9. 9. Issues around end of life care in an acute setting <ul><li>Case-note review (14/20 consecutive deaths) – </li></ul><ul><ul><li>Singular focus on treatment </li></ul></ul><ul><ul><li>Identification of patients likely to die while ongoing active medical therapy </li></ul></ul><ul><ul><li>“ add on” to care </li></ul></ul><ul><ul><li>Decision making/ escalation planning, patient/carer involvement, capacity/best interests assessment, symptoms </li></ul></ul><ul><ul><li>Timely referrals including palliative care </li></ul></ul><ul><ul><li>Communication flows within and between organisations </li></ul></ul><ul><li>Recommendations </li></ul><ul><ul><li>Identification tool </li></ul></ul><ul><ul><li>Best practice </li></ul></ul>
    10. 10. Identification <ul><li>1 – 2 month prognosis </li></ul><ul><li>Simple enough to pass the “junior doctor at 2am test” </li></ul><ul><li>Can be utilised in existing ward functions </li></ul><ul><li>Makes life easier - sustainability </li></ul>
    11. 11. Method <ul><li>Cross-sectional ward census </li></ul><ul><ul><li>Screen: “would you be surprised…still alive 1 month?” </li></ul></ul><ul><ul><li>Case notes: </li></ul></ul><ul><ul><ul><li>Rapidly deteriorating, clinically unstable, limited reversibility </li></ul></ul></ul><ul><ul><ul><li>3 or more hospital admissions past 6 months? </li></ul></ul></ul><ul><ul><ul><li>Surprise question </li></ul></ul></ul><ul><li>Haemato-oncology/ elderly care MDM </li></ul>
    12. 12. Being realistic around identification <ul><li>Tool does not predict all deaths within timescales (e.g. positive 19 to 53%) </li></ul><ul><li>Clinical reluctance to “write off” / use “surprise” vs “risk” </li></ul><ul><li>Too simple / too complex  no use </li></ul><ul><li>Pragmatic combination of identification tool (“so what?”) and intervention alongside each other </li></ul>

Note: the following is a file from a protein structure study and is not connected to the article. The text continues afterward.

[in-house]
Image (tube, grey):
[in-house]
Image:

13. 13. Screening questions <ul><li>Is the patient rapidly deteriorating, clinically unstable and with limited reversibility? </li></ul><ul><li>2. Is the patient at risk of dying within the next 1-2 months? </li></ul><ul><li>Yes to both  proceed to AMBER CARE BUNDLE </li></ul>
    14. 14. Well Uncertain recovery Last 48 hours Recognition of the dying phase . Recognition of uncertain recovery Full intervention with added symptom control Critical care, full medical intervention, responding to treatment expected recovery Instructions If yes to both questions proceed to implementation of AMBER bundle. AMBER Care Bundle LCP AMBER care bundle Early planning
    15. 15. Innovation – why a care bundle?
    16. 16. Reliability and Bundles <ul><li>Every system delivers the outcome for which it is designed </li></ul><ul><li>Most routine healthcare is “chaotic” in reliability terms (50 – 80% process reliability) </li></ul><ul><li>Impacts quality and productivity </li></ul><ul><li>Need to design in reliability - standardisation </li></ul>
    17. 17. Methods to improve reliability <ul><li>Pathway </li></ul><ul><li>Guideline </li></ul><ul><li>Audit </li></ul><ul><li>Checklist </li></ul><ul><li>Care bundle </li></ul>
    18. 18. Care bundle <ul><li>Bundle has: </li></ul><ul><li>- Four to five components </li></ul><ul><li>- Can be rapidly answered yes/no </li></ul><ul><li>- Based on good evidence or self evident good practice </li></ul><ul><li>Can be locally implemented / quality controlled </li></ul><ul><li>Helps communication and team working </li></ul><ul><li>Easy to measure </li></ul>
    19. 19. Innovation AMBER care bundle
    20. 20. AMBER = Action <ul><li>Assessment </li></ul><ul><li>Management </li></ul><ul><li>Best practice </li></ul><ul><li>Engagement </li></ul><ul><li>Recovery uncertain </li></ul>
    21. 21. Key processes Identification AMBER = action Effective discharge communication Effective communication: day -> night Assessment unit -> ward ward rounds handover multi-disciplinary team meetings
    22. 23. AMBER bundle
    23. 24. What it means to ward staff <ul><li>Day one- Identification and initiation </li></ul><ul><li>AMBER follow-up </li></ul><ul><ul><li>A- “Is patient still AMBER?” </li></ul></ul><ul><ul><li>C - “Has medical plan changed?” </li></ul></ul><ul><ul><li>T – Touch base with carers - Is everything OK?” </li></ul></ul>